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Lost dogs, collars and micro-chips

By Leela Ellis
Posted Sunday, November 7, 2010

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Pittsboro, NC - Several years ago, my husband and I found a wonderful dog in a "kill shelter" up in Virginia. After he cleaned up and was behaving properly, we took him to our vet. The first thing the vet did was take a scanner and scanned our "new" dog for a micro-chip to ascertain if he had belonged to someone who had loved him. No chip was found. He did not have one.

And although the Virginia dog shelter had also scanned the dog for a chip, and advertised for him, and put his picture on the internet and Petfinder, no one ever came forward to claim him. So that wonderful dog was going to be put down (until we stepped in and adopted him).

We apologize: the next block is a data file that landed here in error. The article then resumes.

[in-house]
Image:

We waited several months, gave our "new" dog a name, and then decided to have the vet give our dog a micro-chip which identified him, and gave information about how to return him should he be lost.

Back then, I think it was $60 we paid to have the vet give our wonderful dog a micro-chip. And although he never strayed, our hearts felt it was well worth the $60. That dog was part of our family.

So I agree with Elliot Cramer. Collars with proper identification allow lost pets to be returned promptly to their homes. I would also add that if there is any question as to whether the pet can wear a collar or might lose a collar, it is best to talk to a good vet about micro-chips.

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Lost dogs, collars and micro-chips

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